Tomorrow, I am flying to Boston to attend the American Diabetes Association 75th Scientific Sessions. (Play along from home by following #2015ADA!)

There will be a strong consumer (reminder to self – use ‘patient’) contingent, which is always terrific. I get to catch up with old friends from the DOC and hear what they have been up to. I learn about new consumer patient-led advocacy efforts that manage to cut through in a way that only people living with diabetes can. I am reminded that conferences ARE the place for people living with the  health condition that is being spoken about at that conference.

I attend conferences with my eyes wide open and leave with great excitement. I see new technologies yet to be released here, or still in development. I hear from people on trials of new drugs and devices. And I see the potential and possibilities for making diabetes easier, more streamlined, more user-focused and feel inspired and hopeful. This is good.

But, I am approaching this conference with a slightly different attitude. With some of the recently announced changes to diabetes supplies in Australia (as I wrote about here and here), I really want to speak with some of my US DOC friends about what it means to be reliant on a health system that limits choice. We have never really had that to date.

Whilst we may not have access to every pump or meter on the market, the consumables for the devices that are here have been available to all. Distribution has been overseen by Diabetes Australia (please read the disclaimer in this post!!) – an organisation representing people with diabetes, not big business or shareholders.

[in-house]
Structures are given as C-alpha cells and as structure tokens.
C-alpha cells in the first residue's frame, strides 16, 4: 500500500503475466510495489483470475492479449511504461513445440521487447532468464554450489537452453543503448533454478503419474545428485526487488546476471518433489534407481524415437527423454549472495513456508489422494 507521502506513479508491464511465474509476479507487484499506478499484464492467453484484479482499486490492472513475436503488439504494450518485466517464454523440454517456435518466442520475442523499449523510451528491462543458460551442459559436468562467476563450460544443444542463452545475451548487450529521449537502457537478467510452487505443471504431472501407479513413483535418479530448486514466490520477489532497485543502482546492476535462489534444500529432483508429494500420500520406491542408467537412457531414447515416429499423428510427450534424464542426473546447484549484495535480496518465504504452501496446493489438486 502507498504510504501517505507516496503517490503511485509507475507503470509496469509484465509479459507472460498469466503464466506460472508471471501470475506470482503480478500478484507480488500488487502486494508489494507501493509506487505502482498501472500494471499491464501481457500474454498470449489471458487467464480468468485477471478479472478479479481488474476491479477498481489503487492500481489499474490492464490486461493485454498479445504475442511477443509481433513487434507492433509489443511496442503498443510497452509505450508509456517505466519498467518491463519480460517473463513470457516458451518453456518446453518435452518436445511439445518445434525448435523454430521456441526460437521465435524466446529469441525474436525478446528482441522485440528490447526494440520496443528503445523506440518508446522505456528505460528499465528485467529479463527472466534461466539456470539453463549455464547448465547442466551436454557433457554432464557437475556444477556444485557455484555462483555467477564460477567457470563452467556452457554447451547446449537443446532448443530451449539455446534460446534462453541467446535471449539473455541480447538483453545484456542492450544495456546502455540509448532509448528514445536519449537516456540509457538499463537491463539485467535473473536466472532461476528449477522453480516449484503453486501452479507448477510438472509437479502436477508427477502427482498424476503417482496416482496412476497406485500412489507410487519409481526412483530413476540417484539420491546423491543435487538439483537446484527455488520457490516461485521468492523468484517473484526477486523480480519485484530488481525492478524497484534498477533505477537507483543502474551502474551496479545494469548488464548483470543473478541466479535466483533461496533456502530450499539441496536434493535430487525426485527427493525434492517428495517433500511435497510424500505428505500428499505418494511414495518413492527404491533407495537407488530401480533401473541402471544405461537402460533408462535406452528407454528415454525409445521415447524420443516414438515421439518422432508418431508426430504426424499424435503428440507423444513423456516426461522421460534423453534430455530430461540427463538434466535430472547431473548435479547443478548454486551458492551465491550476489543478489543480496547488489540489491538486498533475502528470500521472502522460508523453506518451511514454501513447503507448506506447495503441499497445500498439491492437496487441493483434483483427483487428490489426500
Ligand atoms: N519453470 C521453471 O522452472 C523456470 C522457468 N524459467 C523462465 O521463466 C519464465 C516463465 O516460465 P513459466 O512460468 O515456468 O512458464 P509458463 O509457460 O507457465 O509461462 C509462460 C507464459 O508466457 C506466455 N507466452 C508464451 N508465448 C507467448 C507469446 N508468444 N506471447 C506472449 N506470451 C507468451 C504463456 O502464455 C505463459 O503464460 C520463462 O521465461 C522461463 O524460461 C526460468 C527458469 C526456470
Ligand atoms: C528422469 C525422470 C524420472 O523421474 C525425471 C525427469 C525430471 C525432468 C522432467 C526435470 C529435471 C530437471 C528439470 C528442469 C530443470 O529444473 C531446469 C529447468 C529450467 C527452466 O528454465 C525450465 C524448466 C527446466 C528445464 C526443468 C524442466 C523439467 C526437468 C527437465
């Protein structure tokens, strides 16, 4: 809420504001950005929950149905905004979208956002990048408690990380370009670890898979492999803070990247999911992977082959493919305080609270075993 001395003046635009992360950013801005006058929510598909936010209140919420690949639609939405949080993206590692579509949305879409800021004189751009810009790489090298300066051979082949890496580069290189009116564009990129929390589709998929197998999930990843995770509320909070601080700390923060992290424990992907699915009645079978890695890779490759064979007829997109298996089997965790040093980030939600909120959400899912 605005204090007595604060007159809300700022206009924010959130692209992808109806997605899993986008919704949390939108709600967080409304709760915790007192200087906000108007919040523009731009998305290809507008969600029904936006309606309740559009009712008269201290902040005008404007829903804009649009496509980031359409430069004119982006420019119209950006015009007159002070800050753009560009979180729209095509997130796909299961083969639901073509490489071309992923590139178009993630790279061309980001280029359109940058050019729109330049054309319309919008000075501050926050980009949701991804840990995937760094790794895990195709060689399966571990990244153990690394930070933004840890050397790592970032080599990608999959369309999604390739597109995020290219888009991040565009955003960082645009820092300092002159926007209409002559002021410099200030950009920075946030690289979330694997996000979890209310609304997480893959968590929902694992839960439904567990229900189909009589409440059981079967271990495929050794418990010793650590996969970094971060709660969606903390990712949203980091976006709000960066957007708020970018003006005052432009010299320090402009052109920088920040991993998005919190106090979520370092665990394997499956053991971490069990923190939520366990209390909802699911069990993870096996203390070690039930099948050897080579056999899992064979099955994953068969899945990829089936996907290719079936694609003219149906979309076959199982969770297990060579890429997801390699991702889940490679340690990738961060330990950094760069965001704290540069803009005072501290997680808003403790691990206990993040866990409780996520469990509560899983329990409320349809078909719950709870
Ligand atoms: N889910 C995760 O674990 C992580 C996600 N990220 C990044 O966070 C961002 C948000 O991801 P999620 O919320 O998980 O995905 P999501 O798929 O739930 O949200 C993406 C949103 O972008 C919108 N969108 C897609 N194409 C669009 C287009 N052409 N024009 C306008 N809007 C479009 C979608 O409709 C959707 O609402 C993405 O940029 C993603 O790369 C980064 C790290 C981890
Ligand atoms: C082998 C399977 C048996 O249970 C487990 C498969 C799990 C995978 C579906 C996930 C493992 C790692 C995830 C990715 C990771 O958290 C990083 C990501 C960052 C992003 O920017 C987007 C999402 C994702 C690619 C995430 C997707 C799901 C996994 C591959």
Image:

Last night, I attended a dinner at Parliament House in Canberra for the Parliamentary Friends of Diabetes Group. It was a grand occasion, attended by many influential politicians. Health Minister, Sussan Ley made this comment:

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This is, indeed a noble pursuit.

Diabetes Australia President, Judi Moylan stated:

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I would ask that in amidst all of those politically-charged reviews, reports and cost-cutting measures that seem to be the focus of diabetes in Australia at the moment, the human aspect is identified. It is hard to find amongst all the facts and figures.

But it is absolutely critical for our leaders to consider if they want to do best by people living with diabetes. Extraordinary leaders would search for it, find it – and make sure they listen to it. And remember that those extraordinary leaders include people living with diabetes.

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